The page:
PRETENDERS be warned. Donegal are back and displaying none of the symptoms of an All-Ireland hangover.
Yesterday, in Ballybofey against the team unanimously considered most likely to topple their Ulster three-in-a-row bid, they were given a intrusive examination of their want and desire and showed yet again that they have the stomach for the battle and an arsenal equipped for war in their 'season-after-the-season-before'.
Donegal 2-10, Tyrone 0-10 read the scoreline afterwards as the locals cheered their 2012 heroes from the pitch.
Relegation be damned. Donegal are, if anything, an improved version of their coronation model. Whether they can maintain it now right through summer is the six million dollar question.
"In the last two years, the exact same thing was said," responded McGuinness to the hunger question. "The only difference this year was that we were relegated. It was the media who made the story out of that.
"We had the exact same approach as we had last year. There was a lot of talk about putting all the eggs into one basket, but it was the same last year and the year before. That's what we do – it's Championship football. It was a media spin that got the whole debate going."
Yesterday was, in every respect, the start of the championship proper and those who enveloped Ballybofey did so not to smell the freshly cut grass associated with summer, but in the expectancy of a whiff of napalm.
And they got it. Sort of. We had verbals. We had jeering (mostly at Niall Morgan). We had a sending off. But mostly, we had Donegal dogging it, waiting for Tyrone to burn themselves out and being almost poetically economical with possession.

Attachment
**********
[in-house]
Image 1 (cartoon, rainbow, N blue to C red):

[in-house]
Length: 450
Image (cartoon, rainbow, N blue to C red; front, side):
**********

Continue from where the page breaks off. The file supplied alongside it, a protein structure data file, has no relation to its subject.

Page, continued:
They had, by way of illustration, just one wide in their first half – four in total. And both of their goals were, at very best, merely half chances, brilliant set up by Paddy McBrearty, firstly with a flick from Michael Murphy's ball to Colm McFadden in the 32nd minute and then, vitally, after Tyrone had gone level at 0-9 to 1-6 in the 40th minute and were savaging Donegal on their own kickout.
The Kilcarr man sped past Martin Penrose and Dermot Carlin before squaring to substitute Ross Wherity, who fisted to the net in his first touch as a Donegal senior in the Championship.
"The short version would be that he (Wherity) changed the game," praised McGuinness, although to a man, all of his substitutions had positive influences. "It was a situation where Tyrone were getting the better of us in the middle of the park.
"They were getting under Neil Gallagher, trying to stop him from jumping and they had three men in the pocket to pick up breaks. We pushed Martin (McElhinney) in there to give us three options and it opened up. We started to get shots away ourselves and we started to get space to operate. When Ross came in he started to pick up the breaks and started to use the ball really well."
As ever with Donegal, there was an air of intrigue and subterfuge before the match. Stories emerging from recent challenge matches with Galway and Roscommon in which McGuinness refused to allow the match to start until every spectator was removed just added to the plot.Would Karl Lacey start? Would Mark McHugh? The answer in both cases was 'no', although the latter came on before half-time and the former to the loudest cheer of the day after 48 minutes.
But the potency of the Donegal cocktail was plain to see. They were, largely, wiped off their own kick-outs, with Paul Durcan going long. Yet with McBrearty and McFadden inside and Murphy playing from deep, all scraps were gratefully accepted and usually converted.
They blankly refused to give up scoring chances, too, although they were hardly to know that Niall Morgan – Tyrone's not-so-secret weapon – would malfunction so uncannily from long-range frees.
Tyrone kicked the first two points of the second half through Seán Cavanagh – now playing at full-forward – and Justin McMahon to level the match by the 40th minute but McBrearty's second major intervention knocked them back firmly on their heels.
So hard did Tyrone take that particular blow, they didn't score again for another half an hour.
Donegal, meanwhile, held them at arm's length, stuffed men behind the ball and picked off scores as Tyrone poured forward in vein.
"We had then to try for a goal ourselves," Harte pointed out, "and to try for a goal with a defensive set-up that Donegal have isn't a very profitable exercise."
"Without a doubt," reflected Harte, "they have tremendous hunger and they are really, really ready for this Championship. If they keep repeating that kind of performance in terms of energy and commitment they will be very difficult to beat."